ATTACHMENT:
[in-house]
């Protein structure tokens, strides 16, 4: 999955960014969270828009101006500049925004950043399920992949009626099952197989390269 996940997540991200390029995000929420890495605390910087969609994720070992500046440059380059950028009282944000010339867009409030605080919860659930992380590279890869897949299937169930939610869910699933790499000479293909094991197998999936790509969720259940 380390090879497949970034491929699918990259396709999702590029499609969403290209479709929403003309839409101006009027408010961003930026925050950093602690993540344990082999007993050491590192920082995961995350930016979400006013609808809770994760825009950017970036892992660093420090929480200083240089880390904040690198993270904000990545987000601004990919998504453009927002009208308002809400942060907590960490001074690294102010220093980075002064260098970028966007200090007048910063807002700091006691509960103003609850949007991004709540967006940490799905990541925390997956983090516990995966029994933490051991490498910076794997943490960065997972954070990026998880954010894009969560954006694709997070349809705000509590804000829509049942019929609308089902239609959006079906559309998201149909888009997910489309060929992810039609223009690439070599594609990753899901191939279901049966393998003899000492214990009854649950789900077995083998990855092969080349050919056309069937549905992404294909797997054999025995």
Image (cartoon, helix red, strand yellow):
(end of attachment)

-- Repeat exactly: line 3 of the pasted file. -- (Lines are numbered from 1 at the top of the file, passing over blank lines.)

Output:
Image (cartoon, helix red, strand yellow):